A:  At the time she was quite tired. She wasn’t well. She didn’t talk a lot. She was aware of her role in this case. She was embarrassed about it. She really didn’t want to go into detail about what had happened to her, but she did affirm a statement that she had made earlier that she had been assaulted and that was why she was pregnant. She felt that she was poorly treated. I think I would have agreed with her.

Q:  Did she hold any anger?

A:  When I talked to her, she didn’t show any anger. She was a simple woman who had worked hard and was very committed to her family. She married twice. The first was for twenty-five years and then her husband died. She married again and was with that man another twenty years until he died. She tried to help her mother until her mother died. She tried to visit her and send her things, even though her mother really was a stranger to her for most of her childhood.

Q:  Her daughter died young?

A:  Her daughter died just before she turned eight. She had the measles and apparently got a secondary infection and died just after finishing the second grade.

Q:  When did the sterilizations stop?

A:  In Virginia the peak was between 1927, when the Buck case was decided, and the middle 1930’s.  That was the biggest period for most of the states. As World War Two began, starting in 1939 and through the 1940’s, doctors were drafted; and so, there weren’t enough surgeons to do the operations. The fervor for sterilization that had captured an earlier generation and the idea that you could identify hereditary features that you could prevent from occurring had all but died out. Most geneticists didn’t believe that by the 1940’s. 

But, there was still a reason to sterilize people. It was the so-called social motive rather than the genetic one: the idea that if somebody couldn’t care for children shouldn’t be allowed to have them, which is a different argument from saying you shouldn’t be allowed to have children because those children will be defective.

The practical things that happened had to do with the war, the lack of physicians, and really the change of a generation of the people who ran the institutions. By the 1950’s the numbers of operations had decreased dramatically in most states. In a few states the numbers went back up because those states focused on using sterilization as a kind of welfare reform, to sterilize women, primarily African American women, who were on welfare and had more children than the state thought they should.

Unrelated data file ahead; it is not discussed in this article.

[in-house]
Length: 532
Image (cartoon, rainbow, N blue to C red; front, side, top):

Q:  Did those women know they were being sterilized?

A:  In some cases, yes, and in other cases, no. Many people were sterilized and then told that the operation was for appendicitis or something else. We have undocumented numbers. We know something like 70,000 people were actually sterilized under the laws passed by the states. We really don’t have any idea how many people were sterilized in private institutions, or in other medical settings.

In the 1970’s a case came up called Relf v. Weinberger, which exposed hundreds of thousands of sterilizations done in pursuit of welfare reform.  Casper Weinberger at the time was the head of the federal department of Health, Education and Welfare. The question in the Relf case was whether people were using federal money under the Medicaid law to sterilize people coercively -- it turned out they were.  So, regulations were written, making it difficult to get paid to sterilize someone unless they went through an elaborate informed consent process.

The death knell for sterilization in this country, I would argue, came in the 1970’s with the Relf case, not because, as some people say, America had a negative reaction to Hitler and the hundreds of thousands of sterilizations that happened in Germany.

Q:  Did they see the comparison to Hitler?

A:  Oh, yes. There was enormous literature in the 1930’s in medical journals and, for that matter, the New York Times and the Washington Post, tracking what was going on in Germany and, in many cases, praising what Hitler was doing. The German statute was written in 1933, and Germany sterilized 400,000 people in about three and one-half years. Hitler tipped his hat to the United States, saying that the United States paved the way in eugenic thinking,  although, the Germans talked about sterilization long before Hitler came around. They just had never been able to pass a law to allow it. It was the first enactment of his administration.